Gossip’s Hannah Blilie: The New Gay Interview
This post was submitted by occasional TNG contributor, Sara Giarratana.
I don’t know about you, but I didn’t always fit in when I was growing up. For a while I thought it was because of my bowl cut, multi-colored glasses and raging hyperactive nature, or the latent homosexual tendencies itching to get out; now I think it was just my projected insecurities. But whatever the reason, there was definitely an essence of outcast that connected me to the math whizzes and the sorta-smelly kids living beneath the poverty line. It was as if the cool crowd had a sixth sense for picking out the awkward, tender-hearted youths at first glance.
When I was coming out in my early twenties, a huge part of my experience was learning to love the outcast within me. My feelings of displacement in society had built a wall of insecurity around my lonely self, and more important than liberating my love for girls, I needed to liberate the love for myself and celebrate my individuality within a supportive community of outsiders.
Portland-based band Gossip does just that with every funky, punky and soulful song they sing. In the past ten years (or five for drummer Hannah Blilie), they have found a place within the queer-punk underground and have risen to become one of the most popular queer bands out there—crossing the invisible boundaries of sound and style. After spending recent years touring Europe, Gossip is coming back to the States this fall to share songs from their new album, Music For Men, and to reconnect with the friends that have crowded the dance floors since day one.
I had the pleasure of chatting with Hannah as she and her band mates get charged for the Washington, DC tour kickoff on Wednesday, October 7. Enjoy her thoughts below, enjoy the music, and enjoy the individuality they inspire…
The New Gay: Gossip has been described as one of the top queer bands right now. How does it feel to hold that title?
Hannah Blilie: Ummm, I don’t really think of us in that way, but I guess it feels good. I think we’ve always had a really queer-based audience and that’s been our support through all of the crazy turns that our lives have taken in the past few years. So it feels good to be connected to the queer community in that way.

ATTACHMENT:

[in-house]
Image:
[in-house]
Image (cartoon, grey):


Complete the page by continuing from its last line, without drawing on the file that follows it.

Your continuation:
TNG: I feel like it’s an interesting bracket to be put into, because it’s not really talking about the style of music at all, or the message behind it, but it’s mainly just the identity of the band members that the label refers to.
HB: Yeah, yeah. Well I think we talk about our identity a lot—so definitely we’re talking about queers, and queerness and queer issues, so it doesn’t surprise me that we’re lumped into that. All the songs are queer love songs and talking about queer friends. So there’s definitely that theme running through our music. Personal identity.
TNG: I think that just by making good music and being who you are you bring such a positive presence into the community.
HB: (laughs) Well that’s good!
TNG: (laughs) Yeah, kudos!
HB: What’s funny is we ran into Tegan and Sara at the airport today. They were like, “We love you guys!” and I was like, “Well, hey Tegan and Sara!” That was a pretty funny queer meeting.
TNG: There is this festival you guys played for Human Rights Watch in 2007 with Cyndi Lauper, Rufus Wainwright and this random conglomeration of musicians, where it wasn’t necessarily the same sound, but a different thing binding you together.
HB: Yeah that was an interesting, um, sort of traveling festival and we had a good time, but it was much more of a mainstream audience than what we are used to. It was a queer audience, but it wasn’t a punk audience. It was… I don’t know… a lot of richer gay men. We had a great time and Cyndi Lauper was awesome. But it was a very mainstream gay event.
TNG: I feel like HRW probably attracts mainly mainstream queers.
HB: Yeah, but it’s a good way for them to raise money for the organization and we were happy to be a part of that.
TNG: While you’re touring, do you notice many differences in the queer communities from place to place?
HB: Umm, gosh. Not huge differences. You can always spot the dykes in the crowd, you can always, you know, spot your people. So it’s cool that you can kind of go all over the world and you still have that connection with people. You look at them, and you’re like, okay, we’re here together. We’re here! We’re queer!